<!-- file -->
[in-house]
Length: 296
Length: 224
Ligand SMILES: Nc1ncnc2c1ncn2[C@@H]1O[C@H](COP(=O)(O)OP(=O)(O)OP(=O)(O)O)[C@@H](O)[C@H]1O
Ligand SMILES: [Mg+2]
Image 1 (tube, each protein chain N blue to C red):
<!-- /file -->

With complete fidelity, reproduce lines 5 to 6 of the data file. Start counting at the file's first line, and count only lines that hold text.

Ligand SMILES: [Mg+2]
Image 1 (tube, each protein chain N blue to C red):